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      Download the Game Design and Indie Game Marketing Freebook   07/19/17

      GameDev.net and CRC Press have teamed up to bring a free ebook of content curated from top titles published by CRC Press. The freebook, Practices of Game Design & Indie Game Marketing, includes chapters from The Art of Game Design: A Book of Lenses, A Practical Guide to Indie Game Marketing, and An Architectural Approach to Level Design. The GameDev.net FreeBook is relevant to game designers, developers, and those interested in learning more about the challenges in game development. We know game development can be a tough discipline and business, so we picked several chapters from CRC Press titles that we thought would be of interest to you, the GameDev.net audience, in your journey to design, develop, and market your next game. The free ebook is available through CRC Press by clicking here. The Curated Books The Art of Game Design: A Book of Lenses, Second Edition, by Jesse Schell Presents 100+ sets of questions, or different lenses, for viewing a game’s design, encompassing diverse fields such as psychology, architecture, music, film, software engineering, theme park design, mathematics, anthropology, and more. Written by one of the world's top game designers, this book describes the deepest and most fundamental principles of game design, demonstrating how tactics used in board, card, and athletic games also work in video games. It provides practical instruction on creating world-class games that will be played again and again. View it here. A Practical Guide to Indie Game Marketing, by Joel Dreskin Marketing is an essential but too frequently overlooked or minimized component of the release plan for indie games. A Practical Guide to Indie Game Marketing provides you with the tools needed to build visibility and sell your indie games. With special focus on those developers with small budgets and limited staff and resources, this book is packed with tangible recommendations and techniques that you can put to use immediately. As a seasoned professional of the indie game arena, author Joel Dreskin gives you insight into practical, real-world experiences of marketing numerous successful games and also provides stories of the failures. View it here. An Architectural Approach to Level Design This is one of the first books to integrate architectural and spatial design theory with the field of level design. The book presents architectural techniques and theories for level designers to use in their own work. It connects architecture and level design in different ways that address the practical elements of how designers construct space and the experiential elements of how and why humans interact with this space. Throughout the text, readers learn skills for spatial layout, evoking emotion through gamespaces, and creating better levels through architectural theory. View it here. Learn more and download the ebook by clicking here. Did you know? GameDev.net and CRC Press also recently teamed up to bring GDNet+ Members up to a 20% discount on all CRC Press books. Learn more about this and other benefits here.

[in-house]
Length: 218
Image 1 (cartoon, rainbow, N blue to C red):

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JacobBev

Livestreaming game development

3 posts in this topic

A few months ago i was on Twitch.tv and found a user named Under the garden working on their game under the garden. They livestreamed pretty much all day every day. It was the best thing to watch but out of no where they just kind of stopped. I was wondering if anyone knew of any livestreams similar to this.

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This type of thing is not popular, and I don't think it ever will be. Game development is not fast paced, and it sure isn't exciting to watch. Games are pretty entertaining to watch depending on who does them, but game development? I can understand a "behind the scenes" livestream where you just wing it for two hours and show the most exciting things you have been doing, but no one would want to watch you find out why the transparency in your .png assets is crashing your software for an hour straight, and I seriously doubt someone could entertain with their personality for that long.

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Yeah, sometimes development is downright tedious and boring, especially if you're not intimately familiar with what the person is working on.

 

What might be more interesting is seeing video of how someone debugs a specific complex problem. I've realized that some developers don't really have much in terms of debugging skills, since it isn't something that is really taught anywhere, and such videos may help them learn how to attack certain problems.

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I like dev Vlogs. Dev livestreams seem like they would be boring.

 

The one alternative I could see would be like a live dev vlog, where they already have an idea of what they're doing/talking about or they are doing a kind of video ama while they are doing it.

 

As a developer, I could see why someone might want to do it; it can be kind of lonesome/boring just working by yourself. I can also see why you might not want to; first impressions can really screw your game.

 

I don't know anybody else who does similar stuff though.

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